Bathroom Surfaces and Layering

This is an excerpt from the Book called “The Perfect Bath” by Barbara Sallick,Marc Kristal. Continue reading to learn more about Bathroom Surfaces and Layering, thanks to the author.

Materials, Surfaces, and Layering 

The character of the bath is derived from the materials you choose, how you treat their surfaces, and-most critically-how everything is combined. Figuring out the special alchemy that makes the skin of a bath feel natural and inevitable-how many materials to include, the proportions of each, and the transitions between them-is perhaps the most brain-twisting of bath-creation tasks, largely because there are so many questions to consider. What happens when you put ceramic beside stone, combine active surfaces with quiet ones, layer metal or mirror on man-or machine-made tile or stone? Should you create monolithic wall and floor planes, or frame them with contrasting textures or materials that create patterns and shape a hierarchy of zones, a structure and sinew that give the bath architecture? Whatever the outcome, it will be immutable: the experience you create will be what you encounter each and every time you enter the bath. Getting it right is essential. 

Bathroom materials
Bathroom materials

To begin, acquaint yourself with the values of the different materials in the bath palette-it’s as useful an exercise as getting to know your water. This is why stone and tile feature so prominently. Otherwise, the building blocks of the bath are surprisingly different in character.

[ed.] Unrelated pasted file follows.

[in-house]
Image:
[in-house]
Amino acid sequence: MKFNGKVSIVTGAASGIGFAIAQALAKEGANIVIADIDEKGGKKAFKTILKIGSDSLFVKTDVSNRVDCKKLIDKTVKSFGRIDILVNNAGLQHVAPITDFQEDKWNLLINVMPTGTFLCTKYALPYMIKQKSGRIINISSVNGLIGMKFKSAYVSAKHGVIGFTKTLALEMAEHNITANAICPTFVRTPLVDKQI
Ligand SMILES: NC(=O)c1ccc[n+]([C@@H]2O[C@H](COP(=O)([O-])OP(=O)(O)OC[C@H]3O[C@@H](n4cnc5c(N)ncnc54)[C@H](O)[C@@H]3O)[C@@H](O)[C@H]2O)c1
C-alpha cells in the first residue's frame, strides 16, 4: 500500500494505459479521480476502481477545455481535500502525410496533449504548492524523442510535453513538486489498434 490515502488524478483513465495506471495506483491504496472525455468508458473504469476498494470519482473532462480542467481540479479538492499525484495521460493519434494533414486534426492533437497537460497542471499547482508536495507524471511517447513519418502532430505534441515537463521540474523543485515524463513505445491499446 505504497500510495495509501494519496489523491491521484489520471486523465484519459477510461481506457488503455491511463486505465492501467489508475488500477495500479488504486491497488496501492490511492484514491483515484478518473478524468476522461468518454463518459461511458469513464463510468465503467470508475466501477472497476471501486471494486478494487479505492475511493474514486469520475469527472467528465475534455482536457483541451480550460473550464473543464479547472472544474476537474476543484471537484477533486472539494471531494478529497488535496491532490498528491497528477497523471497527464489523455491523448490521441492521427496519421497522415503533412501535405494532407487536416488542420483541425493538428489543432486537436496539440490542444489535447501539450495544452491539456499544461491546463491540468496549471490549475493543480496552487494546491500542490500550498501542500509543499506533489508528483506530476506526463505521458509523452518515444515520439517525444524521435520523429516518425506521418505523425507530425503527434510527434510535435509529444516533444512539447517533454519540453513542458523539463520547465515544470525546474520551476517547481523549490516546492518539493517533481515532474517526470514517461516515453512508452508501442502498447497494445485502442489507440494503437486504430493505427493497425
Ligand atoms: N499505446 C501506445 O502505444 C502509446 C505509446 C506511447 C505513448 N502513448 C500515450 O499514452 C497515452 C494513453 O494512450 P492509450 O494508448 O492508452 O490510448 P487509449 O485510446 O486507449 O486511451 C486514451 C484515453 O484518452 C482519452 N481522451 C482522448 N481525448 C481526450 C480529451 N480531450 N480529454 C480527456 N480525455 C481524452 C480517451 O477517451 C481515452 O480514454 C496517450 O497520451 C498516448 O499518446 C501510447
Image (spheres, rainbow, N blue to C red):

Stone represents the presence of nature, and whether it’s honed, polished, or textured, strongly figured or perfectly quiet, it is what it is and cannot be changed. For me, that is the beauty and, indeed, the romance of stone. I feel privileged to be surrounded by something that is millions of years old and to expenence the remarkable and beautiful story of its formation every time I enter the bath. That kind of robust personality isn’t to everyone’s liking. But if you want to fall in love with a maternal, stone is hard to beat. 

Handmade tile runs a close second. If stone belongs to the earth, handmade tile is infused with the soul of craft, the special DNA of its maker-no two artisans create tile precisely the same way. There is also the excitement of uncertainty: there are some thirty-five steps involved in transforming clay into a finished product, and the outcome depends upon a raft of unpredictable, from the makeup of the raw material to the temperature of the kiln. All those inconsistencies give handmade tile its character and appeal. (It also demands a greater degree of skill on the part of the installer, as even “identical” handmade tiles are usually slightly different from one another.) 

Like stone, wood is a beautiful, natural material that can be highly effective in the bath, particularly when it is carried in from a bedroom or dressing area to create design continuity. Unlike stone, however, wood does not shed water unless you seal it, which subtracts the richness and tactility that gives wood its appeal. The alternative-and it is not an unwelcome one if your preference is for character over perfection-is to accept water stains as part of the room’s material narrative.